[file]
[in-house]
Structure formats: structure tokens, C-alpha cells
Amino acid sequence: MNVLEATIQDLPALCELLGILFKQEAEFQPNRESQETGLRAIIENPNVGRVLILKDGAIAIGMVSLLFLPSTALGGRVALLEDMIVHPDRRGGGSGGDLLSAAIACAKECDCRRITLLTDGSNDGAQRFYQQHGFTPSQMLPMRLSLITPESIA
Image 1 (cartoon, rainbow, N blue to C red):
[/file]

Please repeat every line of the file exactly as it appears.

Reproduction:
[in-house]
Structure formats: structure tokens, C-alpha cells
Amino acid sequence: MNVLEATIQDLPALCELLGILFKQEAEFQPNRESQETGLRAIIENPNVGRVLILKDGAIAIGMVSLLFLPSTALGGRVALLEDMIVHPDRRGGGSGGDLLSAAIACAKECDCRRITLLTDGSNDGAQRFYQQHGFTPSQMLPMRLSLITPESIA
Image 1 (cartoon, rainbow, N blue to C red):